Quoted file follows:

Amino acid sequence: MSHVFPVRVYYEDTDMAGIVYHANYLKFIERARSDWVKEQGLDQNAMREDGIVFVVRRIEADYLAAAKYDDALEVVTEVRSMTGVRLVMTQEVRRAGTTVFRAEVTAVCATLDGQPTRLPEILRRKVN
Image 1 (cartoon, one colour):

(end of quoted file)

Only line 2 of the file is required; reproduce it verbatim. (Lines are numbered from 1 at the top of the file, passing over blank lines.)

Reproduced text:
Image 1 (cartoon, one colour):